The Most Interesting Facts & Trivia from the Winter Olympic Games | RES IPSA - RES IPSA

The Most Interesting Facts & Trivia from the Winter Olympic Games | RES IPSA

The modern Olympics have a rich history of tradition through travel. For more than 100 years, athletes, spectators and media have traveled the globe over to compete, celebrate, and cover the Games, together. A story of its own, the Olympic flame and torch has traveled afoot around the world and even into space! 

After reading through all facts on the Olympic website collected about every Winter Games ever played, we thought we’d share some of our favorite moments with you. For the next week, you can stump your family, friends, and co-workers with these tidbits of Olympic history. Oh, and some are specific to fashion and travel...

Chamonix, 1924: For the parade of the delegations during the Opening Ceremony, many athletes marched with their equipment on their shoulder (skis, hockey sticks, etc.). Indeed, according to the rules in place at the time, the athletes had to march in sportswear, and the skis or hockey sticks were part of their equipment. Today, the delegations no longer wear their sportswear, but they try to outdo each other in terms of imagination to appear in all their finery.

Lake Placid, 1932: The Governor of the State of New York, Franklin D. Roosevelt, officially opened the games. 

Garmisch-Partenkirchen, 1936: Great Britain caused a major upset by beating Canada in the ice hockey competition. It should be noted, however, that several of the British players were living in Canada at the time but had kept their British passports.

1940 & 1944: No Olympics were held these years because of World War II.

St. Moritz, 1948: The Olympics returned after a 12-year break. The US won its first gold medals in figure skating.

Olso, 1952: Computers were used for the first time in figure skating, to calculate the scores awarded by the different judges for the compulsory and free programmes. This enabled an athlete’s score to be given immediately.

Cortina D’Ampezzo, 1956: The Olympic Oath was sworn by a female athlete, Italian Alpine skier Giuliana Chenal-Minuzzo, for the first time. Also, in its Olympic debut, the USSR conquered more medals than any other nation.

Squaw Valley, 1960: When officials became unsure as to whether a skier had missed a gate in the men's slalom they asked CBS-TV if they could review a videotape of the race. This gave CBS the idea of inventing the now ubiquitous "instant replay".

Grenoble, 1968: Norway won the most medals, the first time a country other than the USSR had done so. Gender tests for women were introduced, as were doping controls for both men and women. The Grenoble Games were also the first to be broadcast in colour.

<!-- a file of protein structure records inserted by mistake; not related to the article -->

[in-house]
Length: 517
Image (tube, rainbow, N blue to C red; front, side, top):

Sapporo, 1972: Canada did not send a hockey team to Sapporo to protest against the covert professionalism rife in the USSR and Eastern Europe

Innsbruck, 1976: The 1976 Games had been awarded to Denver, but the people of the state of Colorado voted to prohibit public funds from being used to support the Games.

Lake Placid, 1980: Artificial snow was introduced to the Olympics for the first time.

Sarajevo, 1984: Revenues (US$ 102,682,000) from broadcast fees nearly quadrupled from the games at Lake Placid four years prior.

Calgary, 1988: The first ever smoke-free Games were held.

Albertville, 1992: The 1992 Albertville Olympic Games were the last Winter Games to be staged in the same year as the Summer Games.

Nagano, 1998: Curling officially returned for men and women for the first time since the 1924 Olympic Games.

Turin, 2006: With population of more than 900,000, Turin is still the largest city to ever host an Olympics game. 

Sochi, 2014: A record number of 2,780 athletes were entered, more than 40% were women.

PyeongChang, 2018: As the parade of athletes reached its finale, there was a truly historic break with tradition. Normal protocol dictates that the honour of being the final NOC to enter the stadium falls to the host nation. However, in PyeongChang, the Republic of Korea delegation was joined by their counterparts from neighbouring Democratic Republic of Korea, marching together as Korea in a hugely powerful act of the Olympic spirit’s ability to engender camaraderie and peace. 

Go America! Go world! 



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